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Would Marty Walsh jump into a governor’s race?

Secretary of Labor Marty WalshMario Tama/Getty

As the field gathers for what could be the wildest governor’s race in years, I have one big question:

What is Marty Walsh going to do?

Governor Charlie Baker’s decision not to seek reelection has thrown things into chaos. All kinds of names have been floated as potential candidates, ranging from the obvious to the possible to the wildly implausible.

On paper, Attorney General Maura Healey looms as the obvious Democratic front-runner. She has been elected statewide twice by huge margins, is clearly adored by the voters in her party, and has the capacity to easily raise the millions of dollars this race will take.


That’s a list of strengths no one else in the field thus far can claim.

But is Healey running? While it is true that politicians often play coy about their interest in offices beyond their own, Healey has never, to my knowledge, exhibited a driving passion for seeking the governor’s office.

I believe her ambivalence about the job is real. It’s anyone’s guess whether Baker’s departure — and the clearest path to the corner office Healey is ever likely to have — will change that.

Which brings us to Boston’s former mayor and the current secretary of labor.

His strengths are obvious. He was a well-liked mayor, with a solid political organization, and a large war chest. He would start with serious support from labor, a major Democratic power base. Business leaders also like him. He would appeal to the Democrats and Independents who loved Baker — the centrists who are nervous about the state’s politics moving too far left.

Potentially, that adds up to a lot of voters.

Walsh isn’t commenting on his desires or plans, and he isn’t likely to any time soon.

But he told anyone who would listen when he accepted the role in Washington that he planned to remain a presence in Boston, and he has made good on that.


There’s likely more at play than mere homesickness, though.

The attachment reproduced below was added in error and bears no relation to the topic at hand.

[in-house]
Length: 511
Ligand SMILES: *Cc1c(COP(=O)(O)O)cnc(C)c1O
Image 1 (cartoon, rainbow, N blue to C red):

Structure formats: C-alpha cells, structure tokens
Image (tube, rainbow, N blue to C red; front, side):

Running for governor is probably, to Walsh’s mind, a logical progression from being mayor — even though Boston mayors have ever so rarely won the corner office. The last was Maurice Tobin — in 1945.

Walsh would be making a mistake though, to assume that this would be an easy race. For many reasons, that wouldn’t be the case.

“Messy” would be a polite word to describe his frenzied departure from the mayor’s office in March.

On the way out the door — as you will recall — he made the disastrous decision to appoint Dennis White police commissioner. Not only did Walsh pick him without a search, he named him without even a glance at his personnel file — which would have revealed the domestic abuse allegations that quickly forced White out of the job.

The humanitarian crisis at Massachusetts Avenue and Melnea Cass Boulevard is also something Walsh will have to answer for. It was created, in large part, by one of Walsh’s worst decisions — the abrupt closing of the Long Island Bridge.

Not only did Mass. and Cass become an issue on his watch, Walsh did very little to address it.

And, of course, there would be the sheer brevity of his tenure in President Biden’s Cabinet. Just a few months ago, Walsh was declaring that when the president calls, there was no option but to answer.


How would he explain — less than a year later — why that’s no longer true?

I don’t mean to slight the candidates already in the race: state Senator Sonia Chang-Diaz, former state senator Ben Downing, and Harvard professor Danielle Allen. But none are well known statewide; they would obviously face a much more daunting challenge if Healey or Walsh were to get in.

I’d guess that a Healey-Walsh primary is unlikely (much as I would enjoy watching that). But if Healey sits it out, I could easily see Walsh running.

Because, at bottom, Marty is a Boston guy. He may have had an attack of Potomac fever, but don’t be surprised if it passes soon.

Adrian Walker is a Globe columnist. He can be reached at adrian.walker@globe.com. Follow him on Twitter @Adrian_Walker.